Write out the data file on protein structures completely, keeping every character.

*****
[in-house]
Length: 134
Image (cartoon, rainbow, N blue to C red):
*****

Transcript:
[in-house]
Length: 134
Image (cartoon, rainbow, N blue to C red):